On the point I made about Senator Primo being a neophyte, yes, he is as far as the national government legislative body is concerned, but certainly not his first legislative exposure having served in the Pohnpei Legislature. I submit to you these two bodies have significant differences, and I need not expound on that as you can easily imagine. I have respect for Senator Primo who I know quite well since Xavier days.
  • Well, if the FSM gov't. must play the role of covering the states of their mismanagements then 50/50 share is justified. What happened to the states investment funds from compact I? The problem with congress appropriations is that congressmen have no implementing roles in the funded projects which means there is a need of such mechanism to be putted in place. As always the funds either redirected or abused in a loop-hole process. Audit only comes after when it is too late. Any formula furhering the disadvantage of the FSM govt's. share will be greately affected by all the states and the majority of the people in FSM. I.E. Scholarship program in Chuuk for it's insufficient funds and Yap where educational priority is structure on political bias and not based on true needs of the state. I believe there must be fair and balanced in divising the local revenue in order for a widely disburshment of public funds to each and everyone in the FSM.
  • I applauded the bold move the Politician from Pohnpei had made during the first day of men at work. Infact, I very much encourage the rest to do the same for that's the ultimate reason why we put you in there....to work collectively for the betterment of the people of this Federation and not for your own personal gain. Way to go Mr.Primo!!!
  • Turmai, your points are well taken. While we would like to believe that Congress members have no implementing role in project funds utilization, you and I know they do get unnecessarily involved in actual usage of funds they provided to the states. This is the infamous pitcher-catcher syndrome that has mired sustainable development at the state/local level.

    You will recall that a similar constitutional amendment on changing the funding-share formula was suggested but did not see the end of daylight. I personally feel the idea is not timely and prudent especially at this time of fiscal mismanagement at the state level. If it should come through, it ought to be accompanied by strong application of good governance and enforcement measures, otherwise, such larger funding share risk being flushed into a black hole. What is wrong with the current formula when the national government keeps funding and gives it out, with conditionalities, when needed by the states? The states must prove that they can restore fiscal discipline and management of scarce resources before they ask for a bigger share of the pie. This should be an important pre-condition.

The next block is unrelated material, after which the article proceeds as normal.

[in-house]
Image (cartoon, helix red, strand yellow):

• To Mr. Primo, I would rather have you as my congress. You are certainly for the people of your state(s). As for the revenue sharing, this would be quite a sensitive topic for now because despite of good governance and transparency, this government is still numb in handling of funds.
  • I'm not sure whether you people are talking from at posts of the national gov't or you're just talking merely by having something to say in regards to the topic. I, however, wish that you people do not start attacking my senator Mr. Primo unnecessarily. Mr. Primo did a great job to begin his new term as Pohnpei's representative to the congress by bringing forth some major agenda for his colleagues to begin with. 70/30 revenue shares formula is not new to the Congress. Actually, that was the original formula about ten or so years ago, which was changed later to give equal share to the national gov't. What is it for really, when we know that it's the state governments who actually do most of dirty jobs? I think Mr. Primo is genuinely concerned for the states' operations as we know now that they are having rough time trying to deal with their deficits. Knowing that the states actually do the collections of revenues, it's very realistic for them to keep the 70% to operate with. Congress can play around with their budgets to cut on costs, considering their salaries and representation funds are way too high for such people who hardly do nothing. It's about time the Congress do something with their own spending. What's the real meaning of their representation funds? I think it's time they do something with their big junk of budget for the Congress.